Excessive reaching/pushing during the cleaning and transport of laundry and/or lifting wet, heavy laundry can cause work-related musculoskeletal disorders such as strains and sprains to the back or shoulder area.
Recognized Controls and Work Practices
Assess the laundry area for ergonomic hazards and address ways to decrease exposure to ergonomics-related risk factors.
- Use well-maintained rolling carts with large, low resistance wheels that can roll easily over mixed flooring as well as gaps between elevators and hallways.
- Keep carts, hampers, or other carts well maintained and clear threads from wheels to minimize the amount of force exerted while using these items.
- Keep handles of devices to be pushed at waist-to-chest height.
- Use handles to move carts rather than holding the side of the cart to prevent the accidental smashing of hands and fingers. Push rather than pull whenever possible.
- Reduce the need to lift by using mechanical aids such as Spring-Loaded Laundry Platforms, which help lift wet heavy laundry, and keeping laundry at a comfortable uniform work level.
- Use washers that automatically dump their loads into baskets so workers don't have to reach in and pull out wet heavy laundry manually.
- Limit the weight of the items to be lifted or get help when lifting.
- Restructure jobs to reduce repeated motions, forceful hand exertions, and prolonged bending.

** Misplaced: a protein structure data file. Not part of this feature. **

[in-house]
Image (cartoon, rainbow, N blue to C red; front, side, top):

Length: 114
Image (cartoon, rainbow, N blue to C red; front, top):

- Redesign or reposition tasks to allow elbows to remain close to the body. Maintain a neutral (handshake) wrist position.
- Train workers to use proper lifting techniques for laundry bag lifting and carrying. Limit reaching or lifting hazards when lifting bags by:
- Using handling bags for laundry that have side openings to allow for easy disposal without reaching into and pulling bags up and out. The bags should be able to slide off the cart without lifting.
- Limiting the size and weight of these bags and providing handles to further decrease lifting hazards.
- If using a deep sink, limit excessive reaching and back flexion by:
- Placing an object such as a plastic basin in the bottom of the sink to raise the surface up while washing items in the sink.
- Removing objects to be washed into a smaller container on the counter for soaking and then replacing them back in the sink for final rinse.
- Use proper lifting techniques:
- Avoid lifting heavy and bulky objects.
- Avoid lifting/reaching or working above shoulder height.
- Avoid awkward postures, such as twisting while lifting.
- Lift items close to the body.
- Limit the weight of the item to be lifted.
- An ergonomics guide for hospital laundries. Occupational Health and Safety Agency for Healthcare in BC (OHSAH), (2003).
- Hazard Identification Training Tool. OSHA.
- Ergonomics. OSHA Safety and Health Topics Page.
- Inspection Guidance for Inpatient Healthcare Settings. (June 25, 2015). OSHA memorandum establishing guidance for inspections conducted in inpatient healthcare settings.
- Also see Hospital-wide Hazards - Work-related Musculoskeletal Disorders.